Search results for: Case studies
Page 5/23 221 items
Teachers As Learners - Are They Self-Directed? Teaching Teachers The Meaning of Self-Directed Learning through Self-Experience
The paper will present a case study that investigates the experience of student teachers who simultaneously experience the role of the learner, who requires self-direction, and the role of the teacher, who expands his tool kit so that his students will become self-directed learners. The case study is based on an experiment conducted with students studying for a master’s degree in teaching the sciences. The analysis shows a gap between the recognition of the importance of self-direction in learning and its expression with regard to them as learners and teachers. From the analysis it emerges that most of the participants did not perceive the process of cultivating self-direction in their students as part of their role. The course directed them to a different kind of encounter with their students, and in the process, they identified difficulty in their own self-direction in the learning process.
Updated: May. 10, 2016
The Integration of Environmental Education into Two Elementary Preservice Science Methods Courses: A Content-Based and a Method-Based Approach
In this study, the authors were interested to examine the notion of environmental education (EE) as context for integrating the elementary curricula. They examined preservice teachers’ understandings of EE, their ideas to incorporate EE into their future teaching, and their conceptions of EE as a context for integration. The results support the incorporation of EE activities and instruction in science methods courses to enhance instruction in science content and teaching methods. The authors also suggest an explicit focus in the methods course on science and engineering content, inquiry, and cross-cutting concepts as they relate to EE. Results from this study suggest that elementary science methods instructors can include some of this content and method in elementary science method courses.
Updated: Mar. 20, 2016
The Influence of Informal Science Education Experiences on the Development of Two Beginning Teachers’ Science Classroom Teaching Identity
In this article, the authors investigated how the informal science education (ISE) innovations in the elementary teacher education program affected the participants as they began their professional lives as classroom teachers of science. The authors found that the two participants referenced as important the ISE experiences in their development of classroom science identities that included resilience, excitement and engagement in science teaching and learning–qualities that are emphasized in ISE contexts. Specifically, the affective benefits derived from the infusion of ISE contributed to developing how they came to see and enact reform-oriented science teaching practices.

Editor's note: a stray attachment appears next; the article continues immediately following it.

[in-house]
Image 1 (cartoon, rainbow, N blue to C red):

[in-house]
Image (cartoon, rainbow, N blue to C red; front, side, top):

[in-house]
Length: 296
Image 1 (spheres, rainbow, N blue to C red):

Updated: Mar. 16, 2016
This article reports on a case study of a school that had ongoing coaching for up to six years. The study focused on coachees’ perspectives, in particular what factors allowed them to achieve their set coaching goals. The investigation into longitudinal coaching (one to six years) indicated how coaches positioned themselves or peers, when reflecting on and seeking to establish why some coaching goals were more achievable than others. A key finding was that coaching goals were deemed attainable when they aligned with coachees’ specific focus, which was reflected by the six core themes that emerged: Pragmatic I, Pragmatic We, Student Driven, Team Driven, Data Driven, Research Driven. The seventh theme (temporality) indicated that over time coachees’ dominant concerns shifted to become less of a focus with other overriding needs emerging.
Updated: Mar. 08, 2016
This case study aimed to examine the construction of teaching practices of a first-year science teacher in an urban school setting to illustrate the non-linear nature of teaching activity. The author contends that by examining the conflux of elements present in the settings where new teachers teach and the ways those elements work together to shape practice, teacher education researchers will help advance the field’s understanding of teacher learning as continually transforming in relation to the teacher’s own experiences, her students, the classroom and school context, and the broader state and federal policies that bear down on her teaching. The author concludes that non-linear conceptual and methodological frameworks turn the attention to the processes through which outcomes are produced.